Consistency in just about every task parents perform relevant to the children is a sign of good parenting. Today’s world is not like “back in the old days.” It never is. The world we live in is fast-paced and full of technology. It is loaded now, more than ever, with interests that require little or no activity for children to be heavily engaged. That’s not necessarily a good thing given the childhood obesity crisis that faces many today. If you have a post-divorce, mixed-family, it’s even more important to maintain consistency both within the household and across households.  If your child custody situation is one that is high conflict, well then you need to do your level best to create consistency in your home even if the other parent is not “on board” with establishing appropriate boundaries with and expectations of children.

The best way to achieve consistency and let children know exactly what your expectations are of them is to come up with the rules together as a family. It can be done. It can be fun. It is a vast improvement over one-way communication, dictating to the children, repeating the same things over and over again, and so on.  This is especially true after a divorce when the child custody arrangement can severely limit the time you have together with the children.

We separate our tips into two broad age categories. Toddler – age 12 (Part 1). Age 13 – 17 (Part 2). This is not intended to be a hard-and-fast breakdown. Depending upon the development of the children, their needs, the child custody arrangement – there may certainly be some overlap. Even within each specific category, you may need to tailor your efforts to your children’s specific environment and mental development.

The ground rules:

  • There are no “stupid ideas.” As with any brainstorming session, everything is in play.
  • Respect, kindness, and consideration are expected. Everyone should listen to the ideas and chime-in as appropriate with their thoughts.
  • Everyone should understand that the rules list is intended to be a core of understanding and not an all-inclusive list. No one is to believe that because something is not on the list, a problem won’t be addressed when it occurs. (Usually, you will find that your list will serve as a guide to address non-listed issues anyway.)

Toddler – Age 12

Our experience has been that within this age group lots of fun and laughter accompanied the discussions about the serious matters that are put on the table. As children advance beyond their youngest years, they do truly have a good understanding of what is right and wrong. They also have, believe it or not, a good understanding of what makes a good reward or punishment… with a little “guidance.” After everyone is aware of the forthcoming exercise, it starts with a simple question:

What rules do think we should list that are the most important in the interests of fairness and respect to everyone in the household?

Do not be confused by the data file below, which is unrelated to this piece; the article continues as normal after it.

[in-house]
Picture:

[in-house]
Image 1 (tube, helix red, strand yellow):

At first, you’re not concerned with consequences. You want to start a dialogue to find out what issues of respect, help, fairness, etc. are important to the children. As the parents, you guide the discussion and keep everyone focused so that you don’t stray too far from the objective. Always reinforce and encourage with positive language, such as:

That’s a very good one! Tell us why you think that’s important.

Great start! Does anyone have anything to add?

That’s a wonderful idea, let’s put it on the list and see who else has one!

You don’t want to create a book of rules and consequences. Limit your effort to what you all come to agree would be the best, perhaps 8, 10, or 12. You may want to come to the table with an idea of what you would like them to be, kept to yourself, of course. It’s not wrong to steer them towards the outcome you seek. You might be pleasantly surprised to find that they offer some suggestions you hadn’t considered.

Then, the fun truly begins.

Ask the children what they believe would be an appropriate consequences should be for breaking the rules. Our experience was that they had some genuinely appropriate suggestions to go along with some that are particularly funny. If you don’t get some of the following examples from the children, here are some you will likely suggest:

  • A time-out and a talking-to where age appropriate.
  • Severely curtailed or eliminated television time for a period of time. This will range from a day to a week depending upon the severity of the infraction.
  • Severely curtailed or eliminated computer or video game time for a period of time.
  • Loss of an evening treat.
  • Moving bedtime up an hour earlier than normal.

It’s important to remember that whatever the consequences are, they should be memorable and involve something that is valuable to the child(ren). If the consequence is not both memorable and involve something of value to the children, then your rule and your consequence will be rendered ineffective.

In How to Create a Family Rules List – Part 2, we’ll make suggestions for the often tumultuous teenage years – where roles, responsibilities, and opportunities seem to be in state of constant change.